Reports and statements should clearly indicate reversals and the original payment they are reversing. It can be confusing for reconciliation purposes if, for instance, a chargeback takes place several weeks after a payment was made. To ensure clarity to the agencies that manage those payments, cities can ensure that chargebacks and refunds refer to the payment ID of the original transaction.
There are several things cities can do to reduce unexpected reversals. For card payments, the first step is to ensure the descriptor appearing on the customer’s statement is clear, for instance, “City of Cityville Treasury Payment” vs. “CCT Payment.” Even better when it includes a customer service phone number. Cities can improve successful eCheck payments by integrating with banking validation services. These services will prove the account number a customer has provided is accurate, and can also detect when an account is closed or doesn’t have sufficient funds to cover the payment.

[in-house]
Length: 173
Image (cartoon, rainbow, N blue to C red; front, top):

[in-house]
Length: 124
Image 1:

Raising the Bar for Government Payments
Cities have a unique opportunity to combine the best practices of online payments with evolving needs across the entire constituent base. Technology continues to become a more common part of everyone’s lives while delivering convenient and lower-cost alternatives that didn’t exist in the past. Learning from the best practices honed by years on e-commerce payments, cities can deliver better service to constituents, recognize revenue with less cost and effort, and free up resources to solve higher value challenges.